What do you get when you combine seven women with big trucks, some hardy horses, and a campground with limitless trails? You get one helluva weekend of horse camping in K-Country.
The Little Elbow Equestrian Campground is about 30 km west of Bragg Creek on Highway 66. It features 45 treed sites, hitching rails, tie stalls, and a loading ramp. Each campsite reservation includes two stalls, but more can be purchased for a reasonable rate of $7 per night. The tie stalls are roomy for what they are: my 15.3 hand stocky quarter horse fit comfortably, and some of the smaller horses in our crew were able to turn around in the stalls if they weren’t tied.
The campsites near the corrals were well treed, and were capable of hosting large campers or trailers with living quarters. There were typically two campsites for each clearing, so you could potentially be camping next to another crew. We booked two campsites to accommodate all of us, which meant we had lots of space for socializing and campfires in the evenings. There was also space to park trucks and trailers near the stalls, so not everything needed to be in the campsite. Overall, the campground wasn’t that busy, but June is known to be rainy in this area, and the weekend had a rather wet forecast, so that may have kept some people at home.
The trails leaving the campground are what bring people to the area, and there is plenty for every level of ambition. Rides like Powderface Ridge are steep with great rewards and provide a full, 8-hour day in the saddle, while the ride to the Big Elbow backcountry campsite is about 20 km with great views and hitching rails at the campsite, which makes a fantastic lunch spot. It took us about 5 hours to complete this day ride at a leisurely pace with lots of stops along the river. Alberta Parks has online trail maps for users to plan their route, but a backcountry map is always a great idea since the area doesn’t have cell service.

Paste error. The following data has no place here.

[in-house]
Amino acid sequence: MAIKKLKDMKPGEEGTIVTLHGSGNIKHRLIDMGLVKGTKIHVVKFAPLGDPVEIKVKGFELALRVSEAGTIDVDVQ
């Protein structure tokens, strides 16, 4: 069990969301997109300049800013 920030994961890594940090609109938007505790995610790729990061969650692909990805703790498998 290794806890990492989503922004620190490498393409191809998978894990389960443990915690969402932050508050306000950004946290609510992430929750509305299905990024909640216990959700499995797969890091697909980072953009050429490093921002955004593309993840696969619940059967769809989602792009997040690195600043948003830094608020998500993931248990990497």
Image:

Some things to keep in mind when camping with your horses in this area: the trails are rocky and steep, so you’ll want to make sure your horse is fit enough to enjoy the trails and has appropriate foot protection. The footing isn’t suitable for barefoot horses, and if you’re a fan of boots, make sure they can handle river crossings and steep, muddy sections of trail. There is plenty of wildlife in the area, including wild horses. While we didn’t see any wild horses on our excursions, we did see evidence of them on the trails we were using and heard stories of other riders finding them on their adventures. A water pump is next to the tie stalls, but not all our horses were keen to drink the water. We were able to water them from the river, but it made for some extra work on our part.
You’ll need to bring your own buckets for watering horses. The mangers are roomy enough to fit a water bucket and a well-stocked hay net, or loose hay, to keep your horse content for the night. While the tie stalls are covered, they’re open sided so the air quality is decent. We had quite the thunderstorm with heavy rain one night, and our horses were bone dry the next morning. They didn’t seem fussed by the loud weather. In terms of your own camping comfort, we recommend this article to make sure you’re prepared.
Overall, camping with the horses at the Little Elbow Equestrian Campground made for a fun weekend, and it was a great learning experience for some of the horses who were first-timers to this type of setup. Now that we know our greener horses can handle multiple nights in tie stalls and long days under saddle, we’re already planning our next excursion. Here’s to a great summer spent exploring the beauty this area has to offer.